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Elon Musk hopes China will chill out

December 7, 2021, 6:03 PM UTC

When it comes to China’s geopolitical future, history will show Tesla CEO Elon Musk as presciently optimistic, woefully naive, or merely corrupted by money.

Asked Monday evening at The Wall Street Journal’s CEO Council summit about his views on China’s economic position in the world, Musk expressed hope that the country—an authoritarian state responsible for imprisoning more than a million Uighurs, stealing trade secrets from U.S. companies, engaging in a sweeping crackdown of its domestic tech industry, and enshrining President Xi Jinping as a forever-leader—will just mellow out, man.

“We’re headed toward a situation where China is probably going to have an economy two to three times larger than the United States. That’s just a different world,” Musk said. 

“I do think there are a lot of people in the government of China who grew up with China being a smaller economy, and maybe who feel like China was pushed around a lot, but they haven’t fully appreciated that China is going to be the big kid on the block. And so if you’re going to be the big kid on the block, you can really be pretty chill about things. Other countries are not really a threat to you if you’re by far the biggest kid on the block. I would say that’s kind of an important mindset change, hopefully, that China goes through.” 

Musk continued his schoolyard analogy by invoking the Golden Rule, hypothetically asking the Chinese government, ”If you are going to be the biggest kid on the block, then wouldn’t you want to behave like you wanted the biggest kid on the block to behave?”

A favorable reading of Musk’s comments would suggest that the world’s richest man is, as much as he can, prodding the Xi administration to cool it with the ethnic cleansing and economic interventionism, while also maintaining Tesla’s valuable footprint in China. 

After all, Musk and nearly every other executive profiting from cheap Chinese labor and favorable subsidies turns the other cheek on human rights violations there. Example A: Apple inked a five-year, $275 billion deal to bolster the Chinese economy in 2016, when government regulators were taking actions that weighed down iPhone sales there, according to a blockbuster story published Tuesday by The Information.

But it’s hard to believe that Musk truly thinks China will suddenly see the light. While nearly 50 years of economic diplomacy have helped raise China’s citizens from extreme poverty, the government’s stranglehold on personal and economic freedoms remains strong as its global sphere of influence grows. Tesla knows this all too well, as The Wall Street Journal reported last week that the Chinese government has already started tightening its grip on the U.S. automaker.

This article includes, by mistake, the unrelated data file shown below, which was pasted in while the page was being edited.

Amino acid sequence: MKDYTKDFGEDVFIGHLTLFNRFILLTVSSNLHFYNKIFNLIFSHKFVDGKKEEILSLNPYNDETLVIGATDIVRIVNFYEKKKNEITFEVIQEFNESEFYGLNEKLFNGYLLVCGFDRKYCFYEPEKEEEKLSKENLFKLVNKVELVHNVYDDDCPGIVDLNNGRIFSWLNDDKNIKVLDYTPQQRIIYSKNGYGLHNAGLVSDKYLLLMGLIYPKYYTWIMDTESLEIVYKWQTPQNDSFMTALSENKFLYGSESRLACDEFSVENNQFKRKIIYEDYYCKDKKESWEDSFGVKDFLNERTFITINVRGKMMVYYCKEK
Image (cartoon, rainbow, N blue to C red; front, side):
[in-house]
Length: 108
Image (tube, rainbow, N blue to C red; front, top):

“To a degree still difficult for outsiders to absorb, China is preparing to shape the twenty-first century, much as the U.S. shaped the twentieth,” The New Yorker’s Evan Osnos wrote last year in a defining account on the Washington-Beijing relationship. “Its government is deciding which features of the global status quo to preserve and which to reject, not only in business, culture, and politics but also in such basic values as human rights, free speech, and privacy.”

We should pay little mind to prophecies on China’s long-term outlook from Musk or other economically-compromised business executives, whose obligations lie with their shareholders, employees, customers, and personal bank accounts. Rather, we should let their actions dictate whether they were on the right side of history.

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Jacob Carpenter


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Refugees look to make a legal point. Myanmar’s Rohingya refugees filed a class-action, $150-billion lawsuit Monday in California against Facebook, alleging the company failed to curb hate speech that led to mass killings, rapes, and the displacement of more than 700,000 Muslims, Reuters reported. The lawsuit puts a spotlight back on Facebook’s failure to police posts calling for violence against members of the Rohingya community, which Facebook officials conceded that they were slow to take down. However, the refugees likely face a daunting legal battle in the U.S., where Facebook and other social media groups enjoy broad protection.

From the article:

Facebook has said it is protected from liability over content posted by users by a U.S. internet law known as Section 230, which holds that online platforms are not liable for content posted by third parties. The complaint says it seeks to apply Myanmar law to the claims if Section 230 is raised as a defense.

Although U.S. courts can apply foreign law to cases where the alleged harms and activity by companies took place in other countries, two legal experts interviewed by Reuters said they did not know of a successful precedent for foreign law being invoked in lawsuits against social media companies where Section 230 protections could apply.

Anupam Chander, a professor at Georgetown University Law Center, said that invoking Myanmar law wasn't "inappropriate." But he predicted that "it's unlikely to be successful," saying that "it would be odd for Congress to have foreclosed actions under U.S. law but permitted them to proceed under foreign law."


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